Jake says it wouldn’t be awkward and that she might as well write a letter, thinking that Cohn would obviously not come. But of course Cohn is a fucking moron who doesn’t understand what meaningless sex is so he thinks he and Brett are madly in love so he decides to go to Pamplona with the rest of them.

So Bill and Jake decide to got to Spain ahead of Mike and Brett, who are always late to everything because they’re drunk and neurotic people, so the two of them head out to Spain. They go fishing before they head to the fiesta, there’s three or four chapters dedicated to just Bill and Jake travelling, drinking with the Basque people on a bus and fishing in the Spanish Countryside.

I have some issue with reading books this old, mainly because I struggle to imagine what the hell a bus or a road looked like in the 1920’s. I mean was it made of tarmac or was it just a dirt road? Here’s a picture of a bus from the 1920’s, helps create a picture at least.


I know it’s not Spanish, but I couldn’t find a Spanish Double-Decker bus from the 1920’s. I’m only human.

Now these chapters serve as the calm before the storm. I imagine some people would find this portion of the book to be boring, since not a lot happens. If this were a movie then critics would fault it with pacing issues. Which is a fair criticism, particularly in the book structure as a location can change in a sentence- it’s quite bizarre and it gives the reader a bit of whiplash.

This whole portion of the book with Jake fishing is made tolerable by none other than Bill Gorton. I fucking love this character, he’s what would refer to today as a “Shit Talker” or if he spent a large portion of his time online, a “Shit Poster“- basically he says the most ridiculous and fucked up things imaginable all for a laugh. He’s kind of a troll in that regards.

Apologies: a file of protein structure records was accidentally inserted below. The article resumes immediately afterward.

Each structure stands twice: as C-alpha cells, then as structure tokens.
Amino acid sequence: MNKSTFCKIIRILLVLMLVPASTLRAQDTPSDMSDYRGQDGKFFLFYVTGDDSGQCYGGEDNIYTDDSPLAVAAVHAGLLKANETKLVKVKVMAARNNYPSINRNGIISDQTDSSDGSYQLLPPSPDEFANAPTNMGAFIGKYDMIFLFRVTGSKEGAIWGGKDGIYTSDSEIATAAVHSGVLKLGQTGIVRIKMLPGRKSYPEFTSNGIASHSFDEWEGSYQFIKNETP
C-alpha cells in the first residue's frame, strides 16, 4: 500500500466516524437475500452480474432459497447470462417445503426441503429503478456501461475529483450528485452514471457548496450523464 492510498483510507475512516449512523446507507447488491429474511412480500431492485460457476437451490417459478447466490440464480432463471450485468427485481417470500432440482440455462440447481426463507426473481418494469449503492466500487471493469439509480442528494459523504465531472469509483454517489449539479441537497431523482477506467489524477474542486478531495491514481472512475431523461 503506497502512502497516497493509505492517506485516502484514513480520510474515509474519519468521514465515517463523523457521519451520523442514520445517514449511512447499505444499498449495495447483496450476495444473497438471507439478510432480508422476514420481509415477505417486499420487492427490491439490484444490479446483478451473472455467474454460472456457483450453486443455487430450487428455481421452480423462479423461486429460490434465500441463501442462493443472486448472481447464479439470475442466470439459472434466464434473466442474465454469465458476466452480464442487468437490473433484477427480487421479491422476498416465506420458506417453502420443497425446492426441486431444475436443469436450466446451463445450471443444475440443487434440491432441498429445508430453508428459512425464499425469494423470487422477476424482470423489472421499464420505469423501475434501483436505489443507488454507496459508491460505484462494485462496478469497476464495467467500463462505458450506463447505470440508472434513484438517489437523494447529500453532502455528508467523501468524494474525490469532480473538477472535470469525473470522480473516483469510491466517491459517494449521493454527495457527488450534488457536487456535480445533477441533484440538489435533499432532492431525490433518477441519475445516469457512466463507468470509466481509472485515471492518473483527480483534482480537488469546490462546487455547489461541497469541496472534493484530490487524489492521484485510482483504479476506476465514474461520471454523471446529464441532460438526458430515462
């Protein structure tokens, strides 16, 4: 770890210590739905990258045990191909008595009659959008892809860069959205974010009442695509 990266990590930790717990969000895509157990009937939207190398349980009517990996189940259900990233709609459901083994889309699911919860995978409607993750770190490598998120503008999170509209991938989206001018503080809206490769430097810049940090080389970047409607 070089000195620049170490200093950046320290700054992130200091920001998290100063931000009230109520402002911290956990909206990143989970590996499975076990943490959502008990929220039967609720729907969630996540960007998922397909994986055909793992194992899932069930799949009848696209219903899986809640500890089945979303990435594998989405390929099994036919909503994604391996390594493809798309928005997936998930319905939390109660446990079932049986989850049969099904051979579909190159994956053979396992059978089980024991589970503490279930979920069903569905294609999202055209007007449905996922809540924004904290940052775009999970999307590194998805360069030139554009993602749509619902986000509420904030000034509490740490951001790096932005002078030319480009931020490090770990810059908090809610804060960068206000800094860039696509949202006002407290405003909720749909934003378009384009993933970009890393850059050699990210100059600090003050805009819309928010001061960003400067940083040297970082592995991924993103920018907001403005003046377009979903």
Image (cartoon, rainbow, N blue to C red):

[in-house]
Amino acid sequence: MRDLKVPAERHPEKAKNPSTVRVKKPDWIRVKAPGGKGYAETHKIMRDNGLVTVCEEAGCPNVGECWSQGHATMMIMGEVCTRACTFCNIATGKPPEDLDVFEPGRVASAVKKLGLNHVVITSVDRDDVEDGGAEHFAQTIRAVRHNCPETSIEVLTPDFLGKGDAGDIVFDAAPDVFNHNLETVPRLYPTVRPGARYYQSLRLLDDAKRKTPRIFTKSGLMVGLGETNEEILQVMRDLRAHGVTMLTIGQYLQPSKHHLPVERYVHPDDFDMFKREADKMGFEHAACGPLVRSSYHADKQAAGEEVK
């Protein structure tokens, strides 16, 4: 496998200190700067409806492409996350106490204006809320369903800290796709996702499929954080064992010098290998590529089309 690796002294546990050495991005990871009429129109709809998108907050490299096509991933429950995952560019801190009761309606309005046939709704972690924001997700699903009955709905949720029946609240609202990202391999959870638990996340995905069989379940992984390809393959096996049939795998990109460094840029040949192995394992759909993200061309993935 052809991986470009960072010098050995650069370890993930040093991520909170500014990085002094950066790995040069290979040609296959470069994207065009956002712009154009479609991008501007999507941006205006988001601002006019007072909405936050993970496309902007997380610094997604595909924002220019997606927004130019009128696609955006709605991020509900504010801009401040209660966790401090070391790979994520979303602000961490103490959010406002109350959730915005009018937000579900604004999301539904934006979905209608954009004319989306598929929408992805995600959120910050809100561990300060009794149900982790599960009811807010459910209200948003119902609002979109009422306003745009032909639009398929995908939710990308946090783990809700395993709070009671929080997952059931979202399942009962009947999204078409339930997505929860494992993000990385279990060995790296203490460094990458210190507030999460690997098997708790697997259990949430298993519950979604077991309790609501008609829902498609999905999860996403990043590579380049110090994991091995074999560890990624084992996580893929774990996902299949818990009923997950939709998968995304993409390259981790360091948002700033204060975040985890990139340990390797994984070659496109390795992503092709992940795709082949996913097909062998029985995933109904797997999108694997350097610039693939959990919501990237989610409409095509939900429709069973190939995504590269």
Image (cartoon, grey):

On the train the couldn’t get dinner because a bunch of priests had booked the entire cart, so when a priest walked past him he asked “When do us Protestants get to eat?” the priest is a little startled and doesn’t say much of importance, so Bill declares; “It’s enough to make a fella want to join the Klan” that actually mad me laugh. There’s hardly any humour in Hemingway’s writing, but once it shows up it’s fucking hilarious. Bill has the single best quote in the entire book;

I’m fonder of you than anybody on earth. I couldn’t tell you that in New York. It’d mean I was a faggot. That was what the Civil War was about. Abraham Lincoln was a faggot. He was in love with General Grant. So was Jefferson Davis. Lincoln just freed the slaves on a bet.

Now it’s obvious that Bill doesn’t believe that the Civil War was caused by Gay love, he just said it because it’s the most ridiculous and fucked up thing he could possibly say and therefore it’s funny. However this quote is important for a number of reasons, mainly because it touches upon one of the major themes of the book; Masculinity or the loss of Masculinity.

Over this little fishing holiday the two men bond, but when Bill declares how fond he is of Jake he has to brush it away with a joke- because he’s afraid of exposing his emotions, or even being misunderstood. There’s a lot of absurdity in Masculinity, there’s a sequence in the book in which Jake and Bill are fishing- Jake uses worms as bait while Bill uses flies. While both men catch a lot of fish, Bill shows how big his trouts are, while Jake refuses to show his and says that his biggest is the same size as Bills smallest. If that’s not a metaphor for dick measuring I don’t know what is.

There’s also the implication of Jake’s impotency here, where Jake refuses to show his fish because hes slightly embarrassed about his dick. Despite his claims that he rarely thinks about it, it undoubtedly affects him. At the start of the book he recalls a memory from the war, in which a Colonel visited him in hospital- saying  how brave he is and that he “Sacrificed more than his life” which really bothered him.

Hell, it bothered me. All this talk about a fatal injury to your nether-regions…it makes a man uncomfortable, to say the least.